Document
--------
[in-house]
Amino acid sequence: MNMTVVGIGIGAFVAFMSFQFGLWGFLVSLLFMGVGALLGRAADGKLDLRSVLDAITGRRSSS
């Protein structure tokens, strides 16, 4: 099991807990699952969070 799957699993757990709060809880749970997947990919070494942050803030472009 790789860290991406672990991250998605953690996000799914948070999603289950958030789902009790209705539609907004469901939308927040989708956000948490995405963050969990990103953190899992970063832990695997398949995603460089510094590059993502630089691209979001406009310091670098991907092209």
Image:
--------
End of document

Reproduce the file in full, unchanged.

[in-house]
Amino acid sequence: MNMTVVGIGIGAFVAFMSFQFGLWGFLVSLLFMGVGALLGRAADGKLDLRSVLDAITGRRSSS
């Protein structure tokens, strides 16, 4: 099991807990699952969070 799957699993757990709060809880749970997947990919070494942050803030472009 790789860290991406672990991250998605953690996000799914948070999603289950958030789902009790209705539609907004469901939308927040989708956000948490995405963050969990990103953190899992970063832990695997398949995603460089510094590059993502630089691209979001406009310091670098991907092209």
Image: